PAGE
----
How has the Bush administration reacted to the scientific data?
Well, a federal district court judge in Washington, D.C. said that, in reading the evidence from previous studies and environmental impact statements, there is no science in the department of interior's decision to reverse the snowmobile ban. He said it looks like pure politics and you know I don't see that managing our national treasure, the special places that the people of the United States have said should be preserved in perpetuity, ought to be managed according to politics. They ought to be managed according to evidence, with the long-term environmental health and cultural integrity of these areas considered. This judge said that the resources protection mandate of the park service trumps all others. Those were his words.
Where does the case stand today?
After the judge's ruling, Yellowstone National Park is operating the winter use in the park according to the rules published in 2000, under the previous administration. Because the snowmobile regulations provided for an orderly phase-out, there are still snowmobiles in the park. But next year, there will not be continued use. Now, the administration and the National Park Service have indicated their intent to appeal that rule.
Talk about the letter recently sent to President Bush.
What's unique about the park service is each generation of Americans, speaking through its elected representatives, gets to decide what should be protected in perpetuity. These places are so unique and so special they help us understand who we are as a people, what our history has been. It's really a unique and very valuable record of what each generation of Americans has done.
The legislation passed in 1916 said you have to take care of these places so that the resource values can be preserved unimpaired. This doesn't mean impair a little bit, or impair a lot. It means unimpaired. So as a group of retirees, we pay attention to what the park service is doing. Since 1994, I've never felt a need to contact other retirees and say ’hey, look at what's going on.' Not until President Bush's administration started doing things that we feel contradict the purposes for which the parks were established.
In May of last year, the former superintendent of Yellowstone, the former superintendent of Shenandoah National Park and myself did a press conference at the National Press Club in Washington and at that time we mentioned some of the things that were troublesome. We mentioned the snowmobiles. We mentioned the drive to privatize park service jobs. They have a nice word for that—they call it ’competitive sourcing.' They want government agencies to be efficient. It seems they want to sacrifice effectiveness on the altar of efficiency. So we mentioned that.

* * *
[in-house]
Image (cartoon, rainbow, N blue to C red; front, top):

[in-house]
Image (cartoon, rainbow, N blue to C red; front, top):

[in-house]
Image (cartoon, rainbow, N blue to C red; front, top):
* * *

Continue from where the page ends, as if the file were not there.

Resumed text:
(Because of budget constraints and new policies) individual parks will lapse positions, meaning you don't fill positions when someone retires or transfers, so you have a reduction in personnel. That's happening all over the park system. That leads to reduction in visitor services, or reduction in amount of money spent on research, or resources protection, like backcountry patrols or monitoring of endangered plants or animals. That's a real concern.
Are there studies that show privitizing makes an agency more efficient?
Not that we know of. They cite proof, based on outsourcing that's been done at the Department of Defense. It makes some sense not to have painters as government employees, say when building homes at Kirtland Air Force Base. But you don't have that at the National Park Service. The jobs that seem to be targeted are jobs that make no sense at all. They've targeted archeologists, anthropologists, ethnologists, landscape architects, etc. These are the people when I was superintendent that provided me with the information I needed to make good decisions. One of the ways to cripple an agency like the park service and render it less effective is to target those types of people for outsourcing. You are simply robbing the park superintendent of gathering appropriate information they need to make proper decisions.
Subcontractors wouldn't be able to give you this information?
Sure they could. But you know it's one thing to be an archeologist at the University of New Mexico. But it's another thing to be a park service archeologist to know the organization's history and culture, to know the other employees. There is a synergy that exists that doesn't occur when you opt somebody in from the outside. They do their study, give the information and leave. They don't have to deal with the consequences. It's like being a consultant.